I remember this distinct moment during the beginning of my travels in South America—I was hitchhiking my way up the desert coast of Peru, and I took a break in the afternoon to walk through the sand dunes.
There was nothing but the occasional truck driving by. Other than that—stillness. Suddenly, I had a vision of dancers performing there in the sand—moving to the wind and to the contours of the dunes.
How beautiful it would be to have dance performances held in nature—in secluded locations—for the sole purpose of creating.
I jotted the thought down in my notebook, and left it at that.
At that point in time I envisioned myself being a spectator. Never did I imagine that I could be the one dancing. Because of my clumsiness and lack of coordination, it didn’t even cross my mind as a possibility.
Today—years after that day in the desert—I’m beginning to dance and do yoga.
Through life’s subtle hints, I’ve been reminded that the body as an art form has been a hidden passion of mine for awhile. A passion that I haven’t cultivated, because it’s not something that comes naturally to me. Still, there’s nothing that intrigues me more at the moment than to dance, to do yoga, to flow and to push the limits of my strength and flexibility.
I’ve been meditating on why it’s taken me this long to begin to dance and connect with my body. I’ve realized that since young children, we’re taught to pursue only the subjects we excel at—so I did.
I aced all my classes in high school and graduated at the top of my major in college. School and college taught me how to succeed, but they did a bad job of teaching me how to fail—or how to try things I am initially horrible at.
The drive for success and perfection created an unhealthy fear of failure in my life. I was very accomplished in school, and I grew accustomed to people only seeing me at my best. I didn’t want people to see me struggling to learn something—or worse yet—failing to master a skill. So I stuck to only the things that I knew how to do well.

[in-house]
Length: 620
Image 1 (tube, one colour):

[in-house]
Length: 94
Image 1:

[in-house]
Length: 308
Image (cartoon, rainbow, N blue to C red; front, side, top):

This is truly a shame! Fear is the opposite of love—of creativity or growth. It’s the reason we stick to what’s comfortable and what comes easily to us in life. It’s the reason we don’t pursue our wildest ambitions. It’s the reason we stop ourselves from falling in love.
Fear of failure is the reason why I would study by myself, until I’d mastered a subject, and avoided learning in groups or seeking help from others. Fear is the reason I would create art and work on projects alone—only opening up to others when I had a successful finished product.
I only realized the extent of this fear while traveling. On the road there is always something new to learn—juggling, poi, qi gong, breathing exercises, acrobatics.
Traveling nomadically from place to place, my partner and I spend most of our time in parks or public areas—there is rarely a place to learn in private. I was initially very uncomfortable with having others watch me learn, feeling only eyes and criticism on me as I tried my hand at something new. Slowly, and partly out of necessity, I’ve had to break down my fear of failure.
So I’m trying something new—I’m learning to stumble and fall in front of others.
I’m learning to practice yoga with people watching, to move awkwardly while trying ballet in front of my partner and to sing horribly off key. I understand now that there’s much more to learn from failure than from success.
I’m starting to dance now that I’m 24. I often feel inflexible, awkward and not at all graceful. But I’m changing my mindset to convince myself that it is possible. My goal for the year is to form a connection to my own body—to feel comfortable in my own skin, to flow freely, to my own rhythm, to dance.
It may not look like much to others, but I’m impressing myself.
The thing is, I was always a dancer—I just hadn’t convinced myself of it. But once we let the fear of failure go, we can start convincing ourselves of our own potential, rather than finding ways to escape it.
Fear—the ego’s evil step-brother—is a b*tch. But once it’s gone, all sorts of positive things flourish—confidence, creativity, spontaneity.
As I’m slowly starting to let fear go, I’m beginning to manifest the vision I had in the desert years ago. The best part is, I’m not just a spectator.
Author: Teresa Monika Miroslaw
Editor: Yoli Ramazzina
Photo: Author’s own.